Should Bernie Sanders Be Picking Our Weapons of War?
by
Phil Roeder/Creative Commons

Picture this: The Department of Defense (DoD) proposes to build a plane that, despite ostensibly being the best on the market, costs hundreds of billions of dollars more than they claim, never quite works according to plan, could be used to carry nuclear weapons even if it did work according to plan, and provides a never-ending gravy train to a war-hungry defense contractor with a suspected history of defrauding taxpayers. In response, a U.S. senator from a nigh-monochromatic state goes out of his way not only to support the production of said aircraft but also to make sure that it is built in his state, regardless of the complaints of his constituents about noise pollution and potential targeting by foreign powers anxious to stop the potential production of these planes.

Is the senator in question some Dr. Strangelove-style neoconservative? No. It is none other than left-wing peacenik darling Bernie Sanders.

I’ll give you a moment to pick your jaw up off the floor. Yes, that Bernie Sanders — the one with supposedly sterling antiwar credentials — is currently defending the right of a defense contractor potentially to defraud American taxpayers and endanger his own constituents, with no questions asked. The defense contractor is Lockheed Martin, and the extremely questionable fighter plane that it proposes to build — much to the dismay of people who actually believe the things Sanders claims to believe — is the F-35 Joint Strike Fighter, which Lockheed apparently wants to build, at least partially, in Vermont.

Sanders’ support for the F-35 has so upset his own constituents that they have begun protesting outside his office in Vermont. Their complaints range from noise pollution (testing fully assembled fighter jets is, in fact, quite loud) to the very reasonable concern that foreign powers might attack Vermont soil to prevent the production of these supposedly state-of-the-art planes.

They needn’t worry, however, because the key word in that description is “supposedly.” In reality, the F-35 joint strike fighter is anything but a cutting-edge monument to military might. It’s more like an aerodynamic Ford Pinto. In fact, the likely reason Sanders can salve his conscience about supporting the F-35 is precisely that it is such a waste of Defense Department money, as the plane is still practically unflyable even after languishing decades behind schedule and going hundreds of billions of dollars over budget. So far, the attempt to build this aerial boondoggle has cost upwards of $1.5 trillion and is likely to get more expensive as it goes on.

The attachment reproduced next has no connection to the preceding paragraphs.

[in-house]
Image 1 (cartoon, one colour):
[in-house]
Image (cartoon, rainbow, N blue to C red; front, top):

It is also exceedingly unlikely that the plane’s production process will improve or face any sort of transparency, at least as things currently stand. A recent New York Times investigation discovered that despite the plane’s troubled status, oversight of the F-35 Joint Strike Fighter program is conducted not primarily by the DoD, but rather in-house by Lockheed Martin. Yes, that’s right: the very people who have been failing to produce the plane for so long are themselves the people responsible for making sure the plane is produced at a minimum of taxpayer expense. You couldn’t make this kind of swampish malfeasance up.

Now, it would be easy at this point to make the crack that this kind of non-accountability for those fortunate enough to be connected to the government is precisely the fruit of Sanders’ preferred mode of socialist governance and suggest that therefore Sanders is being perfectly consistent in letting the F-35 go on wasting money. But that doesn’t fully capture the issue. Sanders’ support for the program is not unique to him, after all: it’s a position shared by practically the entire U.S. Senate, including Sanders’ colleague from Vermont, Patrick Leahy. The fact is that, as the aforementioned Times article revealed, Lockheed deliberately built plants for manufacturing the F-35, in part or otherwise, in all 50 states. The goal was to make production of the plane something that was in the interests of constituents of all members of Congress and thereby make the program politically unassailable. Given Sanders’ defense of the program, the strategy seems to have worked. The last person to seriously question the F-35’s viability as a program was the late Sen. John McCain (R-Ariz.). Say what you like about McCain, but despite being a war-hungry neoconservative, he at least let that conviction take him to its natural conclusion: wanting DoD money to be spent on weapons that actually work.

In a strange way, Bernie Sanders is just as consistent. His blank-check approach to the F-35 is precisely the sort of accountability-phobia that one would expect from a believer in “from each according to his ability, to each according to his need.” But need or not, America’s defense budget deserves better than to be run based on the skewed priorities of Bernie Sanders, and Americans do not need to keep throwing their tax money after the F-35 — particularly when Lockheed Martin has shown its inability to make the plane work.

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